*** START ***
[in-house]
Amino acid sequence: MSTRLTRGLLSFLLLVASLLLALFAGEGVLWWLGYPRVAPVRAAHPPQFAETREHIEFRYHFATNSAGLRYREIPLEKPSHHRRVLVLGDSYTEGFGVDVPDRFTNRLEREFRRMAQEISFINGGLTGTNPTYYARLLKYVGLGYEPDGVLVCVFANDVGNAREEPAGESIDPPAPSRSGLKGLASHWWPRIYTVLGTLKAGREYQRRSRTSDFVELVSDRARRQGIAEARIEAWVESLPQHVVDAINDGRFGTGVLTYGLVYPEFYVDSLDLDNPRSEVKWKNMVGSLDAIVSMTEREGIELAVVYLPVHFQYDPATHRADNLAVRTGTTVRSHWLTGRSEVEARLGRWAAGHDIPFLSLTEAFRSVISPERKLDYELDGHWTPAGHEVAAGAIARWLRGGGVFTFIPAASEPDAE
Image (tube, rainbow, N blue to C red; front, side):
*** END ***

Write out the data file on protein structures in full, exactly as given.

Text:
[in-house]
Amino acid sequence: MSTRLTRGLLSFLLLVASLLLALFAGEGVLWWLGYPRVAPVRAAHPPQFAETREHIEFRYHFATNSAGLRYREIPLEKPSHHRRVLVLGDSYTEGFGVDVPDRFTNRLEREFRRMAQEISFINGGLTGTNPTYYARLLKYVGLGYEPDGVLVCVFANDVGNAREEPAGESIDPPAPSRSGLKGLASHWWPRIYTVLGTLKAGREYQRRSRTSDFVELVSDRARRQGIAEARIEAWVESLPQHVVDAINDGRFGTGVLTYGLVYPEFYVDSLDLDNPRSEVKWKNMVGSLDAIVSMTEREGIELAVVYLPVHFQYDPATHRADNLAVRTGTTVRSHWLTGRSEVEARLGRWAAGHDIPFLSLTEAFRSVISPERKLDYELDGHWTPAGHEVAAGAIARWLRGGGVFTFIPAASEPDAE
Image (tube, rainbow, N blue to C red; front, side):